“A Mechanistic Understanding of PFAS in Source Zones: Characterization and Control” by Dr. Jennifer Field ( SERDP Project ER18-1259)
This presentation will discuss how data collected during this project aids in understanding the development and persistence of PFAS source zones in and around areas of historical AFFF usage. The main objectives of this SERDP effort are to ascertain PFAS interactions with soils and sediments under saturated conditions using AFFF at application strength, determine the number of thermodynamically stable phases that form when AFFF at application strength mixes with fuels such as jet fuel (specifically, Jet Fuel A), and quantify PFAS at the air-water interface and its impact on transport under unsaturated conditions. Column experiments revealed that soil horizons with little organic matter retained greater amounts of PFAS than predicted by existing organic carbon-water partition coefficients. Laboratory batch and column experiments indicate that when AFFF and Jet Fuel A mix, a viscous microemulsion forms and retains a significant fraction of PFAS and becomes immobile. PFAS transport under unsaturated conditions in the laboratory is described by concentration-dependent Freundlich model and is a function of PFAS hydrophobicity with retention even for short-chain PFAS.
“In-Situ Foam Fractionation: Harnessing the Power of Bubbles to Remove PFAS from Plumes and Source Zones” by Dr. David Reynolds (ESTCP Project ER19-5075)
ISFF is a promising remediation technology that effectively removes PFAS mass by introducing bubbles to the source zone or plume through treatment wells that concentrate PFAS in a foam at the water table for subsequent vacuum extraction. The project’s objectives focus on demonstration of the technology with a particular emphasis on its ability to concentrate PFAS, the required maintenance levels of the system, and the radius of influence of each treatment well. This presentation will cover a recent pilot test of In-Situ Foam Fractionation (ISFF) removal of PFAS mass from the core of a high-concentration plume. The pilot ISFF system was operated for a period of 15 weeks (using two treatment wells) and removed a total of 40 g of PFAS. The pilot test achieved PFAS concentration reductions of up to 96% in groundwater and 94% in soil with no chemical additives, heating, or groundwater extraction for treatment. A sample of the recovered high concentration fluid was successfully treated to non-detect (for PFAS) via hydrothermal treatment at the Colorado School of Mines. ISFF offers the DoD an alternative to pump and treat approaches that reduces operational costs and minimizes the generation of a secondary waste stream.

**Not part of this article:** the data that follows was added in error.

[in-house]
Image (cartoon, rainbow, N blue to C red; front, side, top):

Dr. Jennifer Field is a professor in the department of environmental and molecular toxicology at Oregon State University in Corvallis, Oregon. Her current research focuses on the analytical chemistry, fate, and transport of PFAS. She serves as the principal investigator of several SERDP and U.S Environmental Protection Agency research grants evaluating the fate and transport of PFAS in groundwater impacted by AFFF and municipal landfills. She has authored 130 peer-reviewed research papers. Dr. Field received a bachelor's degree in environmental science from Northland College in Ashland, Wisconsin, and a doctoral degree in geochemistry from the Colorado School of Mines in Golden, Colorado.
Dr. David Reynolds is a senior principal engineer with Geosyntec Consultants based in Australia. As a contaminated sites auditor in Western Australia and Queensland, his work focuses on transitioning remediation concepts to practice, as well as the value of information in site assessment and remediation design. He is the co-inventor of electrokinetic oxidation approaches for remediation of heterogeneous and low permeability source zones, as well as the use of electromigration for in-situ desalination. Dr. Reynolds has previously served as a research director at the Centre for Groundwater Research, a senior technical advisor at two international consulting companies, and as a senior lecturer at the University of Western Australia. He received a bachelor’s degree in geological engineering from the University of Waterloo in Canada and his master’s and doctoral degrees in geological engineering from Queen’s University, also in Canada.